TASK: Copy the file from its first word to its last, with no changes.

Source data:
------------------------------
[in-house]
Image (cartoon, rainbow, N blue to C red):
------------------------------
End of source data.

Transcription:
[in-house]
Image (cartoon, rainbow, N blue to C red):